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With international concern mounting over the safety of the civilians, the Sri Lankan Army designated a series of “no-fire zones” and told civilians to assemble there.It then shelled those zones repeatedly, while issuing denials that it was doing so and forbidding journalists access to the area. By mid-April, the Tamil rebels and the civilians were trapped on a bloody stretch of beach about a mile long.The mobile-phone video clip shows a pair of soldiers pushing a naked, blindfolded man into the frame. One soldier, dressed in the uniform of the Sri Lankan Army, forces him into a sitting position on the ground, kicks him in the back, and steps out of the way as the other soldier comes forward and shoots him in the back of the head. Off camera, the shooter can be heard laughing giddily and exclaiming, “It’s like he jumped!” The soldiers kill two other men in similar fashion, and then dispatch a number of wounded prisoners.Hemmed in by the sea, a lagoon, and a hundred thousand government soldiers, they were all but helpless, as the Army kept up a barrage of fire from gunboats, aircraft, and field artillery.On April 21st, the Army broke through the Tigers’ defenses, creating a chaotic corridor that, over several days, allowed nearly two hundred thousand famished and wounded civilians to flee into its custody.
Suspicious that the diplomats also wanted to save the Tiger leaders, the government ignored them.
There were explosions, and people were crying and saying, ‘Help us.’ ”At dawn, the pastor said he “felt courage” and decided to go out and confront the soldiers. One soldier said, in Sinhala—I understand a little—‘We have orders to shoot everyone.’ We were shouting for them not to shoot.” After a tense standoff, the pastor was strip-searched, along with the children, and then allowed to collect his belongings from the bunker. The same soldier who hit him stuck his fingers in the wounds of the young men with us who had been injured.”After another strip search and a long interrogation, the pastors were reunited with the children and put in a detention camp.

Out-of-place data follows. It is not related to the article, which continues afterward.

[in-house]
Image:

“I went with another pastor and a white flag,” he said. “A pastor came behind me, but he was punched in the chest by a soldier. When I asked the pastor how the experience had affected him, he said, “It is in my mind.
The next day, a Tiger spokesman posted a statement on the organization’s Web site: “This battle has reached its bitter end. The next morning, a young man in their group was fatally shot as he defecated outside. “Two or three of us went out with several children, and we took white flags, as the brigadier had suggested,” the pastor recalled. We crawled back to the bunker, and then they fired at the bunker.
“But as we approached they said, ‘Don’t come,’ and fired guns in the air.” The soldiers had been told there could be suicide bombers among the last Tigers, and in fact several insurgents blew themselves up in the midst of civilian refugees turning themselves in to the Army. The whole night, I could hear the Army throwing grenades in the bunkers near us.N.’s special envoy to Sri Lanka and Marie Colvin, a correspondent for the Sunday of London, whom the Tamil leaders had asked to be their intermediary. In an address to Parliament on May 19th, Rajapaksa declared a national holiday. After the war, Rajapaksa’s government adopted a posture of triumphalism at home and defensive resentment of the outrage that the carnage had caused abroad. Sri Lanka’s High Commissioner in London complained to me that his country was being unfairly singled out: “Colombia has been contaminating the world for years with its cocaine, and now Somalia is with its piracy. In military circles around the world, the “Sri Lanka option” for counter-insurgency was discussed with admiration.